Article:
Northwestern University has contributed files documenting 2 major public protests regarding unfair treatment of students. Included are a variety of materials on the April 22, 1968 student takeover of the NWU Registrar’s and Business Offices by 120 African-American students to promote a list of demands and heighten awareness of black student experiences of racial insensitivity on campus. The materials include news clippings, flyers, reports, correspondence files, and the list of demands and responses. In addition to materials of the 1968 takeover, Northwestern has also submitted documents regarding the 1995 hunger strike of Asian-American students to protest discriminatory practices and to demand the creation of an Asian-American Studies program. The materials include background files, correspondence files, and program development files, and date from 1993-2012.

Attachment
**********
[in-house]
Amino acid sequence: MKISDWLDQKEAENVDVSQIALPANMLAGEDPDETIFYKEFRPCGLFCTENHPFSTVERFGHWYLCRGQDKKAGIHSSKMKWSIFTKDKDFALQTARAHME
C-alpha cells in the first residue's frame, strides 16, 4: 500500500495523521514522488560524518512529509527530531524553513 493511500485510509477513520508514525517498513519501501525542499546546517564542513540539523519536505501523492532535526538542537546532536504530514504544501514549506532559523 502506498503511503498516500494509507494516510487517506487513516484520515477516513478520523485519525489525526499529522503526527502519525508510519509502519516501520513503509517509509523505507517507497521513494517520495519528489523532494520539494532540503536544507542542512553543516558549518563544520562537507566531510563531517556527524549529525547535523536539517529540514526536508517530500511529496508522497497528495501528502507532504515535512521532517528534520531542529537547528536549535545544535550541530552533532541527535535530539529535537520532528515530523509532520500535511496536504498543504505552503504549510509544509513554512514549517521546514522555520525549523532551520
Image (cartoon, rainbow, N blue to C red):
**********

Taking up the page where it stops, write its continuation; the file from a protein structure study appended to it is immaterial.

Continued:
Image: Asian-American Student Protest, 1995
Collection: Records of the Asian American Studies Program
Description: Included in the Weinberg Collection of Arts and Sciences are details of the development of The Asian American Studies Program, established in 1999 after four years of debate between the Northwestern University administration and the student body. In the spring of 1995, members of the Asian American Advisory Board (AAAB) and other minority student organizations began a hunger strike and public protest in order to pressure the University to create an Asian American Studies Program. The hunger strike and protest soon spread to other universities, as students from Columbia, Princeton, and Stanford held sympathy protests for NU’s AAAB protesters. After 23 days, the administration conceded and began the process of establishing an Asian American Studies Program.